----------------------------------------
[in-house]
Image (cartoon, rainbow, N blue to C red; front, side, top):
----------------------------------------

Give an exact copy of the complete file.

[in-house]
Image (cartoon, rainbow, N blue to C red; front, side, top):